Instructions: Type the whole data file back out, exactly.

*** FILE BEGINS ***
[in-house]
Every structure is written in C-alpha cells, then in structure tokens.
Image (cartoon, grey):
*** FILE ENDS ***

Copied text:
[in-house]
Every structure is written in C-alpha cells, then in structure tokens.
Image (cartoon, grey):